I was walking down Wabash around 1 PM today and I saw the vehicle above and below and just had to take a snap with the camera phone. It was a three wheeled vehicle about the size of a Smart Car, but was much lower. It had a fairly large trailer attached to it that was lined with solar panels. Very odd. It was starting to draw a small crowd.
Doing a search, it looks like, the company, q-cells.com is doing a world tour starting in Lucerne Switzerland. The name of the car is Smart Taxi. They have a cool photo gallery of Chicago.

Photovoltaics are definitely their specialty. Take that Prius drivers!


A New Addition to the Stable

As you can see, I succumbed to the temptation to purchase yet another old bike. This time around it is a 1972 Raleigh 20 folder. An acquaintance mentioned that he still had it available when I stepped into the LBS (local bike shop) where he works. He first mentioned it maybe 2 + years ago. I initially balked at picking it up as some tool at some point in the past had brush painted the frame. Over the ensuing couple of years I realized how hard it is to find an original complete 20.

When I went to check out the bike over the past weekend, I noticed that the paint looked like a latex paint that one may use to paint an old outdoor chair or something. I figured that I could get the paint off somehow, with some elbow grease and at the same time keep the original finish.

The bike rode and shifted well, so the deal was done and the bike came home in the Honda Fit. It is amazing how much stiffer this little bike is in comparison to the Dahons that I own. It is even more stiff than a Bike Friday that I once rode.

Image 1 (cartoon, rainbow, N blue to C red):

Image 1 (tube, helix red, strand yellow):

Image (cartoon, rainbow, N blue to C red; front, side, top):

I have a couple of tubes and Schwalbe Big Apple tires that I plan to install at some point. At the same time, I need to replace the hardened brake pads, and I will replace the rim tape with the cloth type. I already replaced the heavy vinyl dual rail saddle with a single rail seat clamp and a lighter mountain bike saddle that I had in the stable.

After experimenting over the past couple of evenings, I think that I found the solution for removing the old paint. I tried Goo Gone, engine cleaner, but when I tried turpentine, the paint just fell off. (I am using one of those old kitchen sponges that has the green abrasive side to apply the turpentine and then using an old t shirt to remove the residual paint scrapings as well as the extra turpentine.)

See the detail pic below. You can see the chain guard and the seat stay where I have started to remove the paint.
Sometimes these things take time. Stoked to get this one back on the road!


RIP Isaac Hayes 1942-2008

You left us WAY too soon! You will be missed.


The Digging and The Damage Done Take 3

I went out to some garage sales locally and came up with the following after some HARD haggling, with a pretty mean Eastern European woman, with whom I have had some run ins in the past. I almost had to break out my broken Russian skills.

She had a nice box of records, which of course were not marked, so you know what that means.

"How much for the LPs?"


"No way, they go for $.25 to $1.00 at the sales around here."

So I came up with these:

The Digging

Beastie Boys "Fight For the Right..." Def Jam 45
Curtis Mayfield "Superfly" Curtom 45 Pic sleeve
Electric Prunes "Mass in F Minor LP
Jerry Garcia "S/T" Warners

The 45s were sort of beat, but I think that I can clean them up. The LPs were mint, though they are missing the paper sleeves.

The Damage


Like I said, this lady was brutal, but I have never seen the Garcia record in the wild, pretty sure it went out of print immediately. But in the end a few bucks from me was better than nothing.